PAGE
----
Because of their high level of lignified cell-walls and low protein, oat by-products that contain hulls have a low nutritive value and are typically used in ruminant diets to replace forages. Many studies have compared the nutritive value of oat hulls with that of other sources of fibre.
When included as a concentrate at 50% in dairy cows diets (forage:concentrate 1:1), oat hulls resulted in lower digestibility, milk yield and energy retention than other ingredients (soybean hulls, apple pulp, Jerusalem artichoke tubers, molasses and wheat). They did not provide enough fermentable energy for microbial synthesis and their use resulted in a higher urine-N:ingested-N ratio (Hindrichsen et al., 2006) and lower methane production (Hindrichsen et al., 2004).
In sacco DM degradability of oat hulls (particle turnover of 0.06 h-1) is about 40%, lower than that of soybean hulls (50%) and much higher than that of sunflower hulls (22%) (Pereira et al., 1999). Oat hulls showed a lower rate and a smaller 36h-extent of in sacco DM disappearance (0.8 h-1 and 66% respectively) than maize fibre or soybean hulls (about 7%/h and 90%). In vivo digestibility of OM, NDF and ADF in diets containing 80% seed hulls or maize fibre were lower for oat hulls and cottonseed hulls (less than 50%) than for maize fibre and soybean hulls (more than 75%) (Hsu et al., 1987).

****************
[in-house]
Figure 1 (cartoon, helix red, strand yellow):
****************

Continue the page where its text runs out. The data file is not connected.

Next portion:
The nutritive value of oat hulls estimated by in vitro measurements was found to be lower than that of maize fibre and soybean hulls, but slightly higher than that of cottonseed hulls. In vitro DM disappearance of oat hulls was much lower than the values obtained for maize fibre and coarse maize fibre (32%, 86% and 82% respectively) (Garleb et al., 1988).
Chemical and enzymatic treatments can improve the values of oat hulls. In growing steers, ammonia treatment (3% DM basis) increased the in situ potential degradability and degradation rate of NDF and ADF fractions, in vivo NDF digestibility as well as voluntary intake (Thompson et al., 2002). Alkali treatment increased in vitro and in sacco DM disappearance (Garleb et al., 1988; Pauly et al., 1992). In dairy cows, alkaline hydrogen peroxide treatment increased the in vivo OM and cell wall digestibility in diets containing from 20 to 60% treated oat hulls (Cameron et al., 1991b; Titgemeyer et al., 1991). This treatment increased digestible DM and fibre intake, and maintained growth in heifers (Cameron et al., 1991b) and milk production in dairy cows (Cameron et al., 1991a). Enzymatic treatments can enhance the in vitro (rumen fluid) DM degradation compared to wheat straw and alfalfa hay (Yu et al., 2005).
Other feed uses
Oat hulls have been proposed as a structure-enhancing ingredient for the storage of root peelings (beets, carrots, potatoes) when mixed with urea and molasses. Such feeds could be used as a supplement for dairy cows and as a sole feed for fattening bulls (Dornow et al., 1991).